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Titled Varèse after Edgar Varèse (Paris, 1883- New York, 1965), this tapestry refers directly to the invention of simultanism in Music, founded by the cited composer, who bounded with visual artists of the early 20th century art movements. At the Centre Pompidou in Paris, the Kandinsky-Archives preserve correspondence proving the friendship between Varèse and the Delaunay couple, who developed simultanism in plastic arts.
According to Varèse, rhythm is the result of matter, energy and force, and is caused by the interaction of several independent and irregular levels. Sonia Delaunay applied in her artwork Varèse’s musical theory about how rhythm is based on the idea that sound objects are subject to physical forces of attraction and repulsion in space. 
This particular piece is a remarkable example of Delaunay’s simultanism, showing how some colors might seem like a different color when juxtaposed and revealing through the use of contrasting and discordant palettes how these combinations of colors create an impression of movement.


Sonia Delaunay (1885-1979)
Ukrainian-born French artist

"For me there is no gap between my painting and my so-called 'decorative' work. I never considered the 'minor arts' to be artistically frustrating; on the contrary, it was an extension of my art."

 Sonia Delaunay


Born in 1885 to a family with few resources, Sonia Delaunay-Terk survived both world wars, and died at the age of 94 in Paris in the year of 1979. Her artistic formation was completed in Russia and Germany, before moving to France in the year of 1905, where her artistic production was influence by the Post-Impressionist and Fauvist art movements.
Delaunay was co-founder of the french avant-garde movement Orphism, alongside her husband Robert Delaunay (1885-1941), and experimented with many other artistic styles, developing a theory of color based on scientific research known as simultanism, which she then applied to her work.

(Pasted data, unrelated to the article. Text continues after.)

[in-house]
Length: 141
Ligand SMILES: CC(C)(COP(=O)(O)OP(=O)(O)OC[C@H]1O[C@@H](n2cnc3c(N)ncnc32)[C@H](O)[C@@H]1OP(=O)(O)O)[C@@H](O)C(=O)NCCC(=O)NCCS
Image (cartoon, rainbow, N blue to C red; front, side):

Pioneer figure of abstract painting, Sonia Delaunay tried to overcome the barriers between the Arts, merging Life and Art in her works. Being a prominent figure in the 20th century art world, Sonia Delaunay became the first female artist to have a retrospective exhibition in the Louvre (1964) during her life-time.

Sonia Delaunay, mostly known as a painter, was also a stylist and decorator, amongst other things, applying Orphism’s principles to artistic fields such as textile design, scenography and fashion, as well as jewerly and ceramic decoration. 

In addition to her paintings, Delaunay designed theatre scenery and costumes for Serge Diaghilev, collaborated in the fashion industry with Coco Chanel and Blaise Cendrars during the 1920s, and pursued a series of edition projects in France and the United States in the 1930s.
In the decade of 1970, Sonia Delaunay initiated a collaboration with the French art gallery Artcurial, developing a range of textiles, table wear and jewelry inspired in the central themes of her pictorial work during the 1920s, transforming day-to-day objects and fashion accessories into artworks in its own right.


Sonia Delaunay (right) and two friends in Robert Delaunay’s studio, 
Rue des Grands-Augustins, Paris, 1924.




Artcurial was inaugurated in June of 1975 by François Dalle, then chief of L’Oréal, in 9 Avenue Matignon, functioning as an art gallery and specialized bookstore, mainly as a publisher of multiples. Between the years of 1975 and 2002, when it was sold, Artcurial published works of 70 artists, including Armand, Sonia Delaunay, Giorgio de Chirico, Marino di Teana, Takis and François-Xavier Lalanne.
Inspired in an original concept regarding the development of plastic arts under the form of artistic objects referred to as multiples, Artcurial’s founding ideas came from Guy Landon, a L’Oréal employee since 1953, who aspired to launch a project in the Contemporary Art field.
In its twenty-five years of activity, over a thousand creations were produced with the collaboration of renowned contemporary artists — varying from sculptures, engravings, carpets and furniture to porcelain and jewerly— and offered to a wide public, who had been left out by traditional galleries. Simultaneously, Artcurial accommodated important retrospective exhibitions, allowing the public to perceive fine arts in a more intimate environment than institutional museums could provide.
Achieving such a coherent project, Artcurial became well known for its original approach to reaching the vast public, who was quickly persuaded by the gallery’s way of “giving life to art”, as put by Sonia Delaunay, one of the first female artists to collaborate with Artcurial.

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